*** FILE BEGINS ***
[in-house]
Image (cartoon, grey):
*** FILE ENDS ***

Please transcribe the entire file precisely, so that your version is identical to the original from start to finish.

[in-house]
Image (cartoon, grey):